Here, though? They’d come in expecting a prison of some sort, sure. And guards, of course. They just hadn’t expected the guards to be the prisoners, and the prison to be a conference table and a network.
James didn’t even know for sure what the ethernet wiring was for. They couldn’t know, really, until the moment that the rest of the controlled people here held them down and shoved those same cords into their own heads. It was something James was trying really hard to not panic about, while still taking it into account. It could be that it was just how whatever the fuck was hiding under the floor was controlling its captives. Maybe it was a voluntary thing, and this was him and his friends finally fulfilling that imperialist prophecy Anesh had made so long ago, walking into someone’s home and trying to fight them over misunderstood differences. Perhaps it was an actual hive mind, for whatever purpose that served. Or maybe this was just the Office version of a drug den; his mind stuck on that one for a second, and he imagined faceless paper pushers coming here at the end of their ‘day’ to plug into Office intranet and download some humanity.
Almost made him laugh.
“What are they whispering about?” Theo leaned in next to Dave to pass the question to him.
He looked away from the increasingly convoluted explanation of diversified metaphysical assets, and glanced across the table. Then he turned back, tilting his head backward a bit to whisper in response, “James has a plan.”
“You heard it?”
“No, I just assume he has a plan.”
“Do *you* have a plan?” Theo asked him, absolutely unhappy with the lack of concern Dave seemed to be showing.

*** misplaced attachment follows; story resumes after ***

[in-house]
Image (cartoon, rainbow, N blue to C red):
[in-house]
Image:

He shrugged. “I don’t know. I’m not good at plans.” He pretended to focus on the presentation, wondering if it was just as random as everything else in here, or if it was actually trying to communicate something with them. “I let James do the plans. Used to let JP do it, but he didn’t want to come in.”
“There’s more of you?” Theo was kinda surprised. Partly that James had found and convinced more than two people to come in here in the first place, but mostly that he hadn’t brought every weapon he could with him to this fight. From what she understood of what Alanna and Dave had explained to her, James had known full well that this might be a one way trip. He’d also known that at the very least, they’d need to fight their way through potentially days of hostile territory. So it struck her as weird and kind of stupid that he hadn’t brought everyone he could.
“Yeah, there’s a few more people.” Dave told her, half keeping his eye on the presentation. He still wasn’t sure that it wasn’t trying to tell them something vaguely important; every time a villain did a monologue, it gave something away. That was just a fact. But the fact that the last ten rapid slides had been about measuring relative corporate size left him wondering if he wasn’t just panning for gold in a koi pond. “One of them was afraid. One of them was too important to risk.”
Theo started to lash back at that, angry that they could have done more, but caught herself. Something about how Dave said that made it sound almost mythic. “Too… important?”
“He’s relevant to humanity.” Was all Dave responded with a casual shrug, like that was just a *thing* that people said.